Monday, December 29, 2014

Back to the Future: How Would You Re-Do 2014?

"Wait a minute, Doc. Are you telling me that you built a time machine... out of a DeLorean?"          
 --Marty McFly, from "Back to the Future"

So here's my New Year's 2015 fantasy: I want to travel back in time to exactly one year ago, to the close of 2014, and talk to my past self. Give "me" some advice. I want to pull a Marty McFly and jump back into time. If God or the universe or fate gave me a 2014 "do-over" I readily confess I'd do things differently. I think most of us would too. In reviewing the last 365 days, we all remember moments when we wish we'd made another choice. Taken an alternate route on life's journey, a left rather than a right. Answered "no" rather than "yes" or "yes" when "no" was the right response.  Had the chance again to say "I love you" because we didn't have the guts or the smarts or the courage to do so.   

Woulda, coulda, shoulda.

The season of New Year's is a rare time in life when humans can intentionally look back and look ahead. Resolve to change our lives going forward. Face how we lived the past 52 weeks. So if you had the gift of being strapped into a time traveling Delorean, and visiting your past self for a spiritual pep talk, what might you say? How would you re-do 2014?

Me? I'd absolutely tell myself to worry a less. A LOT LESS! To instead trust that God and life so much of the time works out, that most human anxiety is a complete waste of time, an empty exercise in creating overwhelmingly negative outcomes that rarely if ever come true. That so often when we worry, it is about people and situations over which we have little or no control. I so regret how much precious time I wasted in 2014, mired in my worry. Fearing what others were thinking. Brooding about this possible scenario, that doomsday event! Sleepless nights. Distracted days. And guess what?  Almost always, whatever I was angsting about did not happen.  And all those hours I spent in worry: all gone, never to return. 

Memo to self: next year, worry less and trust God more.

I'd also tell my past self to spend less time online in the cyber world, and more time off line, in the real world.  In 2014, too often I was guilty of mindlessly looking at my phone or surfing the net or watching YouTube videos or scrolling through Facebook or waiting for a text. When I was bored, or waiting or unable to just "be", I inevitably reached for my techno-addiction.  Found myself in a crowd or at a gathering or in a public space surrounded by like minded cyber zombies. Heads tilted down. Fingers swiping across a screen. Eyes intently focused upon the "latest" on Twitter or Snapchat or Instagram. Meanwhile, real life connections-- face to face and heart to heart and voice to voice--seem rarer and rarer. How many thousands of minutes did I lose last year to life in the virtual world? Days, weeks perhaps.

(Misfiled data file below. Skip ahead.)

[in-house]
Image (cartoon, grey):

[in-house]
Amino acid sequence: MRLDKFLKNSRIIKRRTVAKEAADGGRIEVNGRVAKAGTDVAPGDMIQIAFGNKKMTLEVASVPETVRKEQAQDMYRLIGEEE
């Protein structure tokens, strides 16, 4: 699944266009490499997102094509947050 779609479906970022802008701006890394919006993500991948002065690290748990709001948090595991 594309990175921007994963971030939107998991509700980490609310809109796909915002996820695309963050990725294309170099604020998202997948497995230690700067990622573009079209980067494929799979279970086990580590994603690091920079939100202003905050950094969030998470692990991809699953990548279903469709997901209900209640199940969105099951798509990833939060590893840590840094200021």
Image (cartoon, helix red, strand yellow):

Memo to self: next year, live more in the real world, live less in the cyber world.

Lastly, I'd tell my past self to talk less and listen more. To pontificate and judge others less, and instead be more curious in life, especially about folks and ideas and lifestyles I may see as "different" than me.  It's been a tumultuous 2014, filled with so many conflicts, fears and anger, grounded in a "them" versus "us" narrative.  Humanity split wide open. Wars in the Ukraine and Israel/Palestine and throughout the Middle East. Cruel, so-called "religious" people using their ideas of God to condemn, to oppress, to kill, even the innocent. Racial divisions and mistrust. 

Too often I've waded into these complicated affairs with my opinion which I also insist on sharing with anyone who will listen. My prayer for me and the rest of humankind in the year to come is that we'd open our mouths less and open our ears more. That we'd have the wisdom to think before we speak. That not every single opinion needs to be posted or blogged or proffered. That God-inspired humility, not hubris, is what our world really needs.

Memo to self: talk less and listen more.  Practice curiosity and humility.

We may not be able to time travel and give our past selves advice about how to live a better life, repeat 2014. But this week we've been given the gift of 365 new days, a whole new year, another God given chance to try again. 

Memo to self: how will you live in 2015? What did 2014 teach you? You don't need a Delorean to answer those questions.

Happy New Year.      

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